|Publication number||US5981330 A|
|Application number||US 09/034,792|
|Publication date||Nov 9, 1999|
|Filing date||Mar 3, 1998|
|Priority date||Dec 19, 1997|
|Publication number||034792, 09034792, US 5981330 A, US 5981330A, US-A-5981330, US5981330 A, US5981330A|
|Original Assignee||United Microelectronics Corp.|
|Export Citation||BiBTeX, EndNote, RefMan|
|Patent Citations (2), Referenced by (17), Classifications (18), Legal Events (6)|
|External Links: USPTO, USPTO Assignment, Espacenet|
This application claims the priority benefit of Taiwan application serial no. 86119313, filed Dec. 19, 1997, the full disclosure of which is incorporated herein by reference.
1. Field of the Invention
This invention relates in general to a process for fabricating bitlines for semiconductor DRAM devices and, in particular, to a process for fabricating bitlines for DRAM devices having reduced contact resistance and improved reliability.
2. Description of Related Art
A typical fabrication process for DRAM devices is the so-called 4P2M process that incorporates four layers of polysilicon and two layers of metal interconnections. The first of the four polysilicon layers employed, as viewed from the bottom of the substrate, is the polysilicon layer for the transistor gate electrode. The second layer is the polysilicon for the bottom electrode of the storage capacitor of the memory cell unit. The third is the polysilicon for the top electrode of the storage capacitor, and the fourth is the one for bitlines. On the other hand, the two layers of metal interconnections are used to connect all the circuitry configurations embedded in the substrate, including the four polysilicon layers.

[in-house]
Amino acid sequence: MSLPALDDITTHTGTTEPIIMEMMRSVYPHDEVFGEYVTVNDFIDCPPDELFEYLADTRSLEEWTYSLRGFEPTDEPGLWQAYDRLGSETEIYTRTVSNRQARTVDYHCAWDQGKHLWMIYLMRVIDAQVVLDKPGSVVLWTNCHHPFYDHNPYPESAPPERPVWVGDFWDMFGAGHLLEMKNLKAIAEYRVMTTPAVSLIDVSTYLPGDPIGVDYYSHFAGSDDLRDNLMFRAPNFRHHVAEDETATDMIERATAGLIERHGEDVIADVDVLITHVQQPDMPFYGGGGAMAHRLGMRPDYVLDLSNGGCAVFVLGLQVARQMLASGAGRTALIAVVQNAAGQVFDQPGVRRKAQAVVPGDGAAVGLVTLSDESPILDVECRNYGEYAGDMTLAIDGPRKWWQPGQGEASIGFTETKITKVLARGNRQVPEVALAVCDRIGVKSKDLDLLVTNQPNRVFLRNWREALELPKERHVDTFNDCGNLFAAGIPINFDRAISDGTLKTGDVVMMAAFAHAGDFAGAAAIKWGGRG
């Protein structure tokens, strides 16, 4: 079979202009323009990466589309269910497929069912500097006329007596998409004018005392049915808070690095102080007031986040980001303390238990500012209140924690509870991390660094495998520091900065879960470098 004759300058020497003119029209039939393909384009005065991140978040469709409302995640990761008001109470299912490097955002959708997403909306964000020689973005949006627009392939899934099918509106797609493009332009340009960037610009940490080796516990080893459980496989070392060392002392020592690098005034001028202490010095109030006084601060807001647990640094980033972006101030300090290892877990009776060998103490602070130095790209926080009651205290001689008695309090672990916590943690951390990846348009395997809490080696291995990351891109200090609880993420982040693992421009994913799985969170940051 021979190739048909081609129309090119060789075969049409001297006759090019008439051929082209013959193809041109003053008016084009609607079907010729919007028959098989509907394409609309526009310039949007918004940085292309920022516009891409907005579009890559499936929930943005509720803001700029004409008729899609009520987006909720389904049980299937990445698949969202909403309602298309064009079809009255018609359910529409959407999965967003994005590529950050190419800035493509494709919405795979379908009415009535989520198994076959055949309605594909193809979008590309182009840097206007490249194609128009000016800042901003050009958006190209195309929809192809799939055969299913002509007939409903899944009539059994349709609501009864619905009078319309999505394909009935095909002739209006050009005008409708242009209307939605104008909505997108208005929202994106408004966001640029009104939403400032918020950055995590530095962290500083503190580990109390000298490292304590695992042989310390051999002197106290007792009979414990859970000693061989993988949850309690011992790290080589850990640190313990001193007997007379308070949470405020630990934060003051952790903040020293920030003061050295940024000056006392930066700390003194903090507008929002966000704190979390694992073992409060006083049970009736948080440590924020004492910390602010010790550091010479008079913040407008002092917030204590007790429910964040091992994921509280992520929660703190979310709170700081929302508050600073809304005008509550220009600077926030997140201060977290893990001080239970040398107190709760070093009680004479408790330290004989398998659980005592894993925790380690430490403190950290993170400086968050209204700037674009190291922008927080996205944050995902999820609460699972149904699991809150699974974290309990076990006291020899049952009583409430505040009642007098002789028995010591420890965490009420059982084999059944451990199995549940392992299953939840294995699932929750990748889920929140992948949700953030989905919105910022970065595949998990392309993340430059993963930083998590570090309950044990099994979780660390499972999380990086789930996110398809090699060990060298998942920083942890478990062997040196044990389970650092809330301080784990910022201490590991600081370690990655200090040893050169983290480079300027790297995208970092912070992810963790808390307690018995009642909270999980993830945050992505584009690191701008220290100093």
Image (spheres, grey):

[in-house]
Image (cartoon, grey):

For the fabrication of the bitlines in typical DRAM devices, polycide made from the composition of doped polysilicon and tungsten silicide (WSix) is frequently used to form the electrical conductor paths in the device. In forming this polycide, tungsten silicide is normally obtained in a deposition procedure employing a gas supply containing tungsten hexafluoride that is used in chemical reaction with silane (SiH4).
As a material for the contact plugs for DRAM bitlines, tungsten silicide is advantageous in that the phenomenon of static charge capacitance can be reduced in order to improve the device operating speed. However, tungsten silicide has a principle drawback when used to fabricate contact plugs for bitlines. Tungsten silicide is characterized by its relatively poor step coverage when deposited. Therefore, when there is large aspect ratio arising in the structural configuration of the device substrate, tungsten silicide is less capable of achieving good contact with the fourth polysilicon layer of the DRAM device. Total coverage by tungsten silicide is, in general, very difficult to achieve.
In order to solve this problem, di-chloro-silane (DCS) was proposed to replace silane that was used to react with the tungsten hexafluoride-containing gas in the chemical vapor deposition (CVD) procedure used to deposit tungsten silicide. Although step coverage was indeed improved, however, when the step height in the contact opening formed in the structural configuration is in exceed of about 10 kÅ, there are still the unacceptable step coverage conditions encountered, in particular, in the contact openings for the bitlines.